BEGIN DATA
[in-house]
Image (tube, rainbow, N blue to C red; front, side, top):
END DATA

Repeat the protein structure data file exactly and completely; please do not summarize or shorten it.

[in-house]
Image (tube, rainbow, N blue to C red; front, side, top):